[Original Praco Hand Flash]
Luke’s Return of the Jedi saber was an altered-but-repurposed Obi Wan saber with machined parts swapped in.
Now, let’s get to my lightsabers, shall we?
My two sabers (and actually a third that I built for my brother) are made using the same method. Even though one could machine all the parts, it seemed more fun to do it like the prop shop did it back in 1977.
For my first saber, I wanted to recreate Darth Vader’s. MPP Microflashes are really expensive and very rare, but Heiland flash guns look nearly identical. The clamp is different, though. So, for my first (and most complex), I used a Heiland, modified the clamp, added a few switches and parts to the outside from electronic junk and then went to work on the insides (more on this later). Grips were made from material from a rubber floor mat.
For the one I made for my brother (not pictured, today), I sourced all of the pieces from Home Depot’s plumbing department. Sink drain, pipe coupling, sink knob and a few screws. Grips were made from the rubber grip of a dollar store flashlight.
For the smaller one, I went to a camera show and hunted through junk bins. I found a small King Sol flash gun and a few parts from what I believe to be a Walz flash to make that. The grips are made from extra thick electrical tape.
I will not post my schematics here since they are a little private (and also VERY complex), but suffice it to say, it took a lot of trial and error, a lot of time and a lot of education on small electronics to figure out. When I was done though, I had a saber that lit up brightly, hummed, vibrated and even made a crashing sound when struck. Using AA or AAA batteries in the larger sabers and N batteries in the smaller one, I was able to create enough extra room inside for the rest of the in-series components. A krypton bulb and a screw base bayonet (or super-bright LED which requires no base) with a colored filter, a small model motor, a small speaker, one small computer recording chip with a spring actuated sensor, one small micro-switch, a few capacitors and some red and black wire were really all that was needed to make it work. Getting it all to fit was a bit challenging, but also part of the fun.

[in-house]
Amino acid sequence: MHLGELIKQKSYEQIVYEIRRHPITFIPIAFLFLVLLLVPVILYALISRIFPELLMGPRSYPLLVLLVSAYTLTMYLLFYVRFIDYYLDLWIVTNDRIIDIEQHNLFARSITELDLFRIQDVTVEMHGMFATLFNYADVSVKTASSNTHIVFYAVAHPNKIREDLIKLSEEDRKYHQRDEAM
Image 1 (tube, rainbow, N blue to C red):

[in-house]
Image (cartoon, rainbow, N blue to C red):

[Texas Instruments LED magnification bubble strip used on the lightsaber clamps]
Finding the pieces is by far the most fun. Going out to Radio Shack, Home Depot, yard sales, flea markets, used electronics stores, Goodwills and other similar places is a blast and allows for you to find the pieces that speak to you. After all, every saber should be unique to the user.
I hope you enjoyed this little look into my ultra-nerdiness. These can be fairly cheap to make and an awful lot of fun. The cheapest I’ve made these is about $50, total. The most expensive one was the Darth Vader recreation which cost closer to $100 to make. Until next week, be well, thanks for reading, play hard, but play nice.
NOTE: All products, pictures, names, descriptions and logos are property of their respective copyright and trademark holders. No items are listed for sale. All information is for educational purposes, only.